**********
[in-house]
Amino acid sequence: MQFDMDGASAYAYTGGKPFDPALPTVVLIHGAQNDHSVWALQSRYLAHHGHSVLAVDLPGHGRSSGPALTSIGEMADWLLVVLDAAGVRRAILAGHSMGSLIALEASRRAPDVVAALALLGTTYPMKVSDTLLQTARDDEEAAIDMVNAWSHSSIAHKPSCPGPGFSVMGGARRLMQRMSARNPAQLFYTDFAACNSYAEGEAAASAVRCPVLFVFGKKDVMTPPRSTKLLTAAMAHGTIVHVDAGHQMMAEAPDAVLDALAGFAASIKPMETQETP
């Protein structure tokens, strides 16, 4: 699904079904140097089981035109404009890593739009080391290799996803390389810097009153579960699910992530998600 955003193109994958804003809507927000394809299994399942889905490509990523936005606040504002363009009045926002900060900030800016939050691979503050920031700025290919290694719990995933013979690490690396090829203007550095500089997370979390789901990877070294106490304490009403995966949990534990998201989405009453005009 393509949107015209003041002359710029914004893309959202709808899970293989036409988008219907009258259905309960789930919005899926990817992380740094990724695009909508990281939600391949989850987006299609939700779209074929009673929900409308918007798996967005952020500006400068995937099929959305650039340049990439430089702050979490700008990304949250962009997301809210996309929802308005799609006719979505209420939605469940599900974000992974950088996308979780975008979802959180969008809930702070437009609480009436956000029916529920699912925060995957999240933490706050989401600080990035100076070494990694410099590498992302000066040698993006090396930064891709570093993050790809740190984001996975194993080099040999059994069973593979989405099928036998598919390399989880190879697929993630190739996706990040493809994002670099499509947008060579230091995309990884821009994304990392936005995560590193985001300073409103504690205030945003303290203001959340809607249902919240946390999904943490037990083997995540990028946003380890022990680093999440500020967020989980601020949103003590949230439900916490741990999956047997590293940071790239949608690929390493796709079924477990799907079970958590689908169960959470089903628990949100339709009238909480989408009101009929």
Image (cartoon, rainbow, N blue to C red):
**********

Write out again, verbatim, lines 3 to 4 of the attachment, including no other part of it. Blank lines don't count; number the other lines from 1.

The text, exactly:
């Protein structure tokens, strides 16, 4: 699904079904140097089981035109404009890593739009080391290799996803390389810097009153579960699910992530998600 955003193109994958804003809507927000394809299994399942889905490509990523936005606040504002363009009045926002900060900030800016939050691979503050920031700025290919290694719990995933013979690490690396090829203007550095500089997370979390789901990877070294106490304490009403995966949990534990998201989405009453005009 393509949107015209003041002359710029914004893309959202709808899970293989036409988008219907009258259905309960789930919005899926990817992380740094990724695009909508990281939600391949989850987006299609939700779209074929009673929900409308918007798996967005952020500006400068995937099929959305650039340049990439430089702050979490700008990304949250962009997301809210996309929802308005799609006719979505209420939605469940599900974000992974950088996308979780975008979802959180969008809930702070437009609480009436956000029916529920699912925060995957999240933490706050989401600080990035100076070494990694410099590498992302000066040698993006090396930064891709570093993050790809740190984001996975194993080099040999059994069973593979989405099928036998598919390399989880190879697929993630190739996706990040493809994002670099499509947008060579230091995309990884821009994304990392936005995560590193985001300073409103504690205030945003303290203001959340809607249902919240946390999904943490037990083997995540990028946003380890022990680093999440500020967020989980601020949103003590949230439900916490741990999956047997590293940071790239949608690929390493796709079924477990799907079970958590689908169960959470089903628990949100339709009238909480989408009101009929």
Image (cartoon, rainbow, N blue to C red):